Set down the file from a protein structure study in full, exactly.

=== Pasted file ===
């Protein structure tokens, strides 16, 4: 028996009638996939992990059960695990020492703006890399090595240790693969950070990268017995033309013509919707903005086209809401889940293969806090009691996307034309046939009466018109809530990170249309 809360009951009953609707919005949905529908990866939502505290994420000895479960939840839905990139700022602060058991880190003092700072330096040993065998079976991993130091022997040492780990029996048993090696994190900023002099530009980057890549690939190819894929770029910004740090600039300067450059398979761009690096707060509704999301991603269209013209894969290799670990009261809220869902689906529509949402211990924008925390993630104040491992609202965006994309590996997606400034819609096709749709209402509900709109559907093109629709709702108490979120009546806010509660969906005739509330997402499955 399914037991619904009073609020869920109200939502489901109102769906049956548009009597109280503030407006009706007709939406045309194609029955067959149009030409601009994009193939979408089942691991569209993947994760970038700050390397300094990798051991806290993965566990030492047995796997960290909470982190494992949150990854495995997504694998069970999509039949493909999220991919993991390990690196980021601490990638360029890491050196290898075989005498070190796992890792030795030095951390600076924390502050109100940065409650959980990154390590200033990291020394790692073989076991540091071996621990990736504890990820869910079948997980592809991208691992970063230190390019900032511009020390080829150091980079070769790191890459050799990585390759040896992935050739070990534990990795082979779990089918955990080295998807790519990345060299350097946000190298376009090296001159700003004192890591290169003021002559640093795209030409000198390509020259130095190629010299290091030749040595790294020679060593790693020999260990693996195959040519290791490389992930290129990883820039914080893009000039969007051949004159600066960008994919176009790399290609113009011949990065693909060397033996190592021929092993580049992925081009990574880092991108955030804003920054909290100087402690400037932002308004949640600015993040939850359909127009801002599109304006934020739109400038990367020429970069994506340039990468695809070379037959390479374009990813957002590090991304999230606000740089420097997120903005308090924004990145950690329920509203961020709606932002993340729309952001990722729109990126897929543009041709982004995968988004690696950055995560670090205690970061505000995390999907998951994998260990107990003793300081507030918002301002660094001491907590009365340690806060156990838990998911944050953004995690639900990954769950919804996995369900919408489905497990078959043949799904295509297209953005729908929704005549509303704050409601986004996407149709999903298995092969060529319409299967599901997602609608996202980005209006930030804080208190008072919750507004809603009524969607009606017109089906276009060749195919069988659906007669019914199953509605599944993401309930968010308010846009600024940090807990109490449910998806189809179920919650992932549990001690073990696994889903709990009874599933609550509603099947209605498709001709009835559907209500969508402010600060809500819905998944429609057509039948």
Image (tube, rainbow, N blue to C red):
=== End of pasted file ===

């Protein structure tokens, strides 16, 4: 028996009638996939992990059960695990020492703006890399090595240790693969950070990268017995033309013509919707903005086209809401889940293969806090009691996307034309046939009466018109809530990170249309 809360009951009953609707919005949905529908990866939502505290994420000895479960939840839905990139700022602060058991880190003092700072330096040993065998079976991993130091022997040492780990029996048993090696994190900023002099530009980057890549690939190819894929770029910004740090600039300067450059398979761009690096707060509704999301991603269209013209894969290799670990009261809220869902689906529509949402211990924008925390993630104040491992609202965006994309590996997606400034819609096709749709209402509900709109559907093109629709709702108490979120009546806010509660969906005739509330997402499955 399914037991619904009073609020869920109200939502489901109102769906049956548009009597109280503030407006009706007709939406045309194609029955067959149009030409601009994009193939979408089942691991569209993947994760970038700050390397300094990798051991806290993965566990030492047995796997960290909470982190494992949150990854495995997504694998069970999509039949493909999220991919993991390990690196980021601490990638360029890491050196290898075989005498070190796992890792030795030095951390600076924390502050109100940065409650959980990154390590200033990291020394790692073989076991540091071996621990990736504890990820869910079948997980592809991208691992970063230190390019900032511009020390080829150091980079070769790191890459050799990585390759040896992935050739070990534990990795082979779990089918955990080295998807790519990345060299350097946000190298376009090296001159700003004192890591290169003021002559640093795209030409000198390509020259130095190629010299290091030749040595790294020679060593790693020999260990693996195959040519290791490389992930290129990883820039914080893009000039969007051949004159600066960008994919176009790399290609113009011949990065693909060397033996190592021929092993580049992925081009990574880092991108955030804003920054909290100087402690400037932002308004949640600015993040939850359909127009801002599109304006934020739109400038990367020429970069994506340039990468695809070379037959390479374009990813957002590090991304999230606000740089420097997120903005308090924004990145950690329920509203961020709606932002993340729309952001990722729109990126897929543009041709982004995968988004690696950055995560670090205690970061505000995390999907998951994998260990107990003793300081507030918002301002660094001491907590009365340690806060156990838990998911944050953004995690639900990954769950919804996995369900919408489905497990078959043949799904295509297209953005729908929704005549509303704050409601986004996407149709999903298995092969060529319409299967599901997602609608996202980005209006930030804080208190008072919750507004809603009524969607009606017109089906276009060749195919069988659906007669019914199953509605599944993401309930968010308010846009600024940090807990109490449910998806189809179920919650992932549990001690073990696994889903709990009874599933609550509603099947209605498709001709009835559907209500969508402010600060809500819905998944429609057509039948």
Image (tube, rainbow, N blue to C red):